9. Time-Space Compression • Just-in-time delivery rather than keeping a large inventory of components or products, companies keep just what they need for short-term production and new parts are shipped quickly when needed. Global division of labor corporations can draw from labor around the globe for different components of production.

  10. New Influences on the Geography of Manufacturing • Transportation-intermodal connections where air, rail, truck, ship and barge connect-eases flow of goods-e.g. container shipping • Regional and global trade agreements-WTO, Benelux, European Union, NAFTA, MERCOSUR, SAFTA, CARICOM, ANDEAN AFTA, COMESA, etc. goal to ease flow of goods by eliminating trade tariffs or quotas • Energy-coal was replaced by natural gas & oil after WW II-transported by pipeline or tanker

  11. Europe-despite North Sea Oil-still must import Mexico & Canada oil and natural gas U.S. uses 27% of oil & 37% of natural gas produced in the world. Dependent on imported oil Saudi Arabia, Kuwait, Iraq, Russia large oil reserves

  12. AP Human Geography 4/1/14http://mrmilewski.com • OBJECTIVE: Examine how facts change. APHugVI.A.2 • I. Administrative Stuff -attendance • II. AP Practice Test -75 multiple choice practice test • Homework: Complete reading Chapter#12 • Notice: 43 Days until the AP Test May 13th

  13. This Week • Tomorrow – Practice Test • Wednesday – Journal#92 and Practice Map Test • Thursday – Journals #82-92 Due! • Friday – Map Test and Journal#93 • Monday – Ch#12 Map Test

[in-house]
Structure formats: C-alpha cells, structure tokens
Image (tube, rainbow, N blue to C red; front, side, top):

14. AP Human Geography 4/2/14http://mrmilewski.com • OBJECTIVE: Continue examination the changes in industrial production. APHugVI.A.2 • I. Journal#92pt.A -Watch the following: -Is New Technology Chipping Away at Scope of the American Workforce? • II. Practice Map Test • III. Journal#92pt.B -notes on the changes in industrial production • IV. Journal#92pt.C -notes on the fall of planned economies in the UK • Notice: Journals#82-92 Due TOMORROW! • Notice: 42 Days until the AP Test May 13th

  15. Pre-Post Test Re-take • 1/3 DISAPPOINTED in your last attempt to for the Practice AP Exam, so the following will occur: • It is now graded, out of 10 points • Raw score of 50+ = 15 points (no re-take) • Score of 40+ = 12 points (no re-take) • Score of 30+ = 10 points (no re-take) • Score of less than 30 = RE-TAKE -Retake Hours 1,2,3 SST April 8th -Retake SST Hours 4& 5 April 15th -THIS IS SERIOUS TO US teachers. You should score AT LEAST a 30 out of 75 on this…